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Wild Thing: Coati Quest

The elusive coatimundi may have headed south in search of better habitat.

By Sheryl Smith-Rodgers

Wanted: information on the whereabouts of white-nosed coatis (Nasua narica) in extreme South Texas northwest to the Big Bend.

"If we could confirm any sightings from landowners, then we could conduct a study on them," says John Young, TPWD mammalogist. "A few years ago, we had three or four sightings near the Pecos River, but we couldn't confirm those."

Listed as a threatened species in Texas, white-nosed coatis – also called coati-mundis – belong to the family Procyonidae, a group of small carnivores that includes raccoons and ringtails. They occur largely in woodlands and canyons found in Mexico and Central America but have ranged northward as far as southern Texas.

Like their relatives, coatis have long, banded tails. When walking around, they hold their tails up. In trees, they're used to maintain balance. Heavy foreclaws and a slender, upturned snout enable coatis to grub for insects and other arthropods. They also dine on lizards, rodents, nuts, fruits and prickly pear.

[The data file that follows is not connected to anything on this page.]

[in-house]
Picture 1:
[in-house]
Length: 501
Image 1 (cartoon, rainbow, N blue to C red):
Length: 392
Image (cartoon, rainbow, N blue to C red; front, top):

Diurnal by nature, coatis live cooperatively together in "troops" that consist of adult females and their young. Males are solitary. In the spring, a troop allows one male to join but only long enough to mate. Pregnant females leave to give birth, then later return to the troop with their litter of up to six young. By the age of 2, young males turn solitary.

Biologists speculate that development and lack of suitable habitat keep coatis south of the border. "Texas has always been on the very northern edge of their distribution, and numbers were likely never very high," Young says.

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